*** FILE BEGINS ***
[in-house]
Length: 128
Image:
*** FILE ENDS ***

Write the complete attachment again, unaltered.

[in-house]
Length: 128
Image: